So, while I agree with your conclusion that being a Mormon should not disqualify Romney, and I wholeheartedly agree that we should be evaluating the candidate as a whole and not just his/her religious affiliation, I disagree that a candidate’s religious beliefs are as inconsequential as you seem to suggest.

    P.S. Your usage of the word cult is ridiculous. We all know what we mean when we use the word “cult”; you’re not fooling anyone. Webster defines “Christian” as “one who professes belief in the teachings of Jesus Christ”. That definition alone encompasses all Muslims, and such notables as Adolph Hitler, Benito Mussolini, and David Koresh. So, since you cite Webster as an authority, I take it that you would identify all of these as Christians.

  2. RG says:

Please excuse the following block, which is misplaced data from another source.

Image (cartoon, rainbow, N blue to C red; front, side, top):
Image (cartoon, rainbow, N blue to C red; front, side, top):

P.S.S Ok, so, a small apology is in order: I went back and reread your discussion on Mormonism and Christianity, and saw that you did not conclude that Mormons by virture of their theology are Christians. So, I’d like to retract my final section; obviously, you are not trying to suggest that just anyone who has Christian-ish beliefs are necessarily Christians. My apologies. 🙂

  3. Jerry says:

    Great article Luis! I don’t think most people know what Mormons believe, and it’s definitely NOT Christianity. That said– I agree with your conclusions that that should not stop us from supporting Romney, and it won’t be stopping me….

  4. […] teaching (call it baptism of the Holy Spirit, the end of the world, giving to the poor, or even politics). Nevertheless, what if your interpretations are wrong? Hopefully being wrong wouldn’t make […]